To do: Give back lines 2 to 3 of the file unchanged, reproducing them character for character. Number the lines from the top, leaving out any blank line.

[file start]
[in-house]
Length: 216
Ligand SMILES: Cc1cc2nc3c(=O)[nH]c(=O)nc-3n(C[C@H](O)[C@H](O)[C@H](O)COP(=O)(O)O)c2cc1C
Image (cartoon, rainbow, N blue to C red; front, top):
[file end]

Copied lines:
Length: 216
Ligand SMILES: Cc1cc2nc3c(=O)[nH]c(=O)nc-3n(C[C@H](O)[C@H](O)[C@H](O)COP(=O)(O)O)c2cc1C